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Veteran minister reflects on losses in African-American church life Print E-mail
By Ken Camp, Baptist Standard   
Thursday, April 26, 2012
BELTON—After more than five decades of ministry, George Harrison understands what African-American Christians have gained and lost in the last half-century.

Black church music chronicles the African-American experience, and veteran minister George Harrison wants to see that heritage preserved and passed along to the next generation.
Harrison, pastor emeritus of First Baptist Church-NBC in Waco and a veteran church musician, vividly remembers life in segregated Central Texas. Growing up in Belton, he recalled how a society where whites and blacks existed in separate spheres that rarely intersected severely restricted his view of reality.

"Even though I could see beyond my community, it was like I was wearing blinders," he said.

The end of Jim Crow laws opened up opportunities for African-American advancement—and for whites to benefit from the contributions of black Americans, he noted.

"Desegregation was good for the nation. … Desegregation had great value in terms of opening up opportunities to learn about other cultures," he said.

Even so, Harrison acknowledged, segregation created a unified—albeit restricted—black community with the church at its center.

"There was a richness in the close-knit community," he said. "You can't gain without losing. You can't lose without gaining."

In a closed, segregated society, Harrison got an early start in ministry as a church musician and composer. He began playing the piano at age 3 and wrote his first song, "Flowers in the Spring," at age 6. After he taught the song to the other children at Macedonia Baptist Church in Belton, where his father was chairman of deacons, the church called him to direct the children's choir and begin leading music in worship. At age 12, he began preaching.

Without question, Harrison recognizes he gained personally from the changes that occurred as a result of the Civil Rights Movement. He earned his undergraduate degree at the University of Mary Hardin-Baylor, where he directed the premiere choral group and traveled extensively as a student recruiter.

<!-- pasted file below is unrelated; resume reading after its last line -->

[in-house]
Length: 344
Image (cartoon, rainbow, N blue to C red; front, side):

After graduation, he worked several years in a post with a railroad company that allowed him to enter a master's degree-equivalency program before pursuing further graduate courses at Baylor University and Southwest Texas State University.

He also served as pastor of churches in Temple, Gatesville and Lampasas, as well as Macedonia Baptist Church in Belton. In 1987, he became pastor of First Baptist Church-NBC in Waco.

About that same time, he was named director of cultural affairs at Baylor University and the first director of Heavenly Voices, the university's Black Gospel choir.

He went on to serve in several administration posts at Baylor. In 2003, Harrison returned to UMHB, first as director of community services and cultural affairs and later as director of digital media services.

Through it all, Harrison has maintained his love for music—particularly music distinctive to the African-American church. And he has made it his mission to help preserve that musical heritage.

Harrison produces a local radio program, "Gospel Now." He also leads occasional seminars that explore the meaning of Spirituals dating back to days of slavery, as well as more recent Black Gospel songs.

"There is a rich culture in those songs, and it's endangered. There's a richness in our worship, and the new generation has no idea about it," he said.

Even so, Harrison hopes the black church can regain its central role in the lives of African-Americans and recapture its ability to instill a clear sense of identity in young people. And he wants to teach the rising generation of black church leaders—as well as anyone else who will listen—about the history chronicled in African-American church music.

"The music tells the story," he said.
 
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